Mentoring For Impact: Imparting Values Of Manhood As A Force To Be Reckoned With

BE Modern Man: Louis Macarthur

Mentor/Volunteer, 31, Actor/Model/Creative Director

Twitter: @LouisMacarthur_; Instagram: @louismacarthur

My focus for 2019 has been to give directly back to the Los Angeles communities with a goal of mentoring for impact. Two organizations that I volunteer with, Peggy Beatrice Foundation (Skid Row) and Engage The Vision (Inner-City LA), offer the opportunity to make an immediate impact every week. This is along with continuing my iLead mentoring series in my hometown of Cleveland, Tennessee—where I actively mentor high school athletes and help them pursue higher education and excel in the college admissions/recruiting process.

On Tuesdays, I am in downtown L.A. distributing and serving food, clothes, prayers, and love to hundreds of homeless individuals who make up the infamous Skid Row district. On Fridays, I am inside the inner-city elementary school—mentoring young boys ages 9-11. This is an interactive program that allows us to impart values of manhood that these young kids may not receive anywhere else. These minority youth all are from low-income households. An invaluable impact from being involved in these organizations has been the discovery of the influence I have as a black man. The power to enforce and make change lies in our ability to be of service. When integrity aligns with work ethic, your impact is inevitable. That’s what mentoring for impact is about.

WHAT ARE YOU MOST PROUD OF IN LIFE?

Aside from being a proud father to my talented daughter, Crimson, witnessing the reveal of “Dream” by German sculptor Julian Voss-Andreae was a dream come true! “Dream” is Quantum Sculpture created from an exact replica of my body and physical likeness; constructed in stainless steel. The eight-foot statue was presented at Miami Art Basel for the 2018 Edition of Art Miami | CONTEXT Art Miami.

HOW HAVE YOU TURNED STRUGGLE INTO SUCCESS?

My biological mom abandoned me as an infant due to her ongoing addiction to drugs. My dad was in and out of jail much of my childhood. I was labeled a “bad kid”—an active juvenile delinquent. Expelled from middle school. Sent to an alternative school. I dealt with anger issues surrounding my insecurities with abandonment and love. I was able to fake it enough to get through high school using sports and involvement [in activities] to mask my family issues. In college, I started visiting the sports psychologist; this is when I began to identify and heal—I took my hardships and fueled my passions. I begin to explore the world, traveling internationally, take creative, professional risks; life has been telling a beautiful story ever since.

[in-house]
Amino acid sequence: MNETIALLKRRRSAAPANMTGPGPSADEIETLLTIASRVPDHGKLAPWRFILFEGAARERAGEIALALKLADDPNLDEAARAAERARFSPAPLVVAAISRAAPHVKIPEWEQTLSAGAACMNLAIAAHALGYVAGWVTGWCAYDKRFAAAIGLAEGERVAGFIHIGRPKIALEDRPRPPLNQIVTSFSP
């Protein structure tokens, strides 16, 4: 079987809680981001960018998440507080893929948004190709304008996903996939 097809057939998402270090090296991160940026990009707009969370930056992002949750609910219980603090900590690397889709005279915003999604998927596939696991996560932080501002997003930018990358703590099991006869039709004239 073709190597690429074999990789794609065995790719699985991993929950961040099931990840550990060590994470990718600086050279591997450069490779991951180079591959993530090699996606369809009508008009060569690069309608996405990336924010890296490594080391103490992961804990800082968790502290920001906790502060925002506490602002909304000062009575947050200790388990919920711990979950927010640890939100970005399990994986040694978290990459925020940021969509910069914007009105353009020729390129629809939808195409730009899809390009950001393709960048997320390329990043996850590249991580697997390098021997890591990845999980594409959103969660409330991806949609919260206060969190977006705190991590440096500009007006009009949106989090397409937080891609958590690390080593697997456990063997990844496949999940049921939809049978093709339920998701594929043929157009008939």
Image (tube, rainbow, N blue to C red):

WHO IS YOUR GREATEST MALE ROLE MODEL AND WHAT DID YOU LEARN FROM HIM?

One of my greatest male role models has been my dad. Growing up, I focused on his shortcomings, mishaps, and mistakes; I always molded my actions to do things opposite of how I viewed him. However, as I got into my 20s, I started to communicate with my dad about the problems I had with him. He talked back. We created a dynamic of a relationship that I needed to be the man I am destined to be. As a man with my own struggles, I was able to identify with his struggles; I embodied and admired his perseverance. Now I respect him for the journey and legacy he has established.

HOW ARE YOU PAYING IT FORWARD TO SUPPORT OTHER BLACK MALES?

Mentoring with impact means making it a point to stay active with young black males from middle school ages to undergraduate; more specifically, those with minority and/or low socioeconomic backgrounds. Using my personal experiences, I find it easy to relate and connect with inner passions—encouraging youth to take hardships to fuel their ambitions; focusing on education as an invaluable tool.

WHAT DO YOU LIKE MOST ABOUT BEING A BLACK MAN?

I embrace the power and presence of being a black man. The black man is one of the most sought after creatures on the face of this Earth. My energy can shift any environment I step into. I love the ability to demand respect without saying much. I enjoy that as a black man, I was created as a force to be reckoned with.

 

 

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